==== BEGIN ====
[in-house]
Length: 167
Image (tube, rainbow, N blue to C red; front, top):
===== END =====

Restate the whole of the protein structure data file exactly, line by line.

[in-house]
Length: 167
Image (tube, rainbow, N blue to C red; front, top):